- One of a family of glycoproteins (carbohydrates complexed with proteins) that are made in cells, secreted by cells, and incorporated into cells including blood platelets (thrombocytes) from which they take their name. Five distinct forms have been identified; they are termed thrombospondin-1, thrombospondin-2, thrombospondin-3, thrombospondin-4, and thrombospondin-5. The thrombospondins are known to interact with blood coagulation and anticoagulant factors. They are involved in cell adhesion, platelet aggregation (clumping), cell proliferation (growth), angiogenesis (blood vessel formation), tumor metastasis, and tissue repair. Thrombospondin-1 and thrombospondin-2 have been shown to be potent inhibitors of angiogenesis and suppressors of tumor growth in laboratory mice. (Proc Natl Acad Sci USA 1999;96:14888-14893.)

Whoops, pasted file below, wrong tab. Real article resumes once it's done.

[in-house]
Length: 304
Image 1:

* * *throm·bo·spon·din (throm″bo-sponґdin) a 450-kilodalton multifunctional glycoprotein secreted by endothelial cells and by the alpha granules of platelets following activation by thrombin; it interacts with a wide variety of molecules, including heparin, fibrin, fibrinogen, platelet cell membrane receptors, collagen, and fibronectin, and plays a role in platelet aggregation, tumor metastasis, adhesion of Plasmodium falciparum, vascular smooth muscle growth, and tissue repair in skeletal muscle following crush injury.
Medical dictionary. 2011.